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Venetian Ships and Seafaring Up to the Nautical Revolution: A Study Based on Artistic Representations of Ships and Boats Before ca. 1450

Lillian E. Ray
Thesis: May. 1992
Chair: Bass
Nautical Archaeology Program

Ships and boats were unquestionably vital to the Venetian Maritime Republic, and her ships were of extreme importance historically. Many details as to the nature of these watercraft, however, have yet to be well understood. What types of watercraft did the Republic employ? What are their characteristic features? What sails, rigging, rudders, and anchors were used? What is known of construction techniques? Three forms of evidence exist with which one can begin to answer such questions: archaeological remains of ships or boats, written documents concerning vessels, and artistic representations of watercraft.

Maritime art is an indispensable source of data for the study of nautical archaeology, however, it will never be fully utilized if such material is not completely cataloged and analyzed. The pictorial data concerning Venetian ships and boats have never been adequately studied. This thesis, therefore, focuses on the medieval art of the Veneto region in order to present a catalog and analysis of the Venetian ship and boat representations dating prior to the second half of the 15th century.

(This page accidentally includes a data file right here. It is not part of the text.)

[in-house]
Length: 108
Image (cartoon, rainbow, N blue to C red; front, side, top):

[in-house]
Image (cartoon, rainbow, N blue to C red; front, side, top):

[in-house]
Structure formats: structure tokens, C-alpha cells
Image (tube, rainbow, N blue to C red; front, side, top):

The history of Venice and the style and media of her art are inextricably interwoven. As entrepot between East and West, Venice adopted and fused into her own the artistic styles and media of both the Byzantine and European worlds. Not surprisingly, maritime images occupy a great deal of Venetian art. This fact reflects quite simply her reliance on seafaring.

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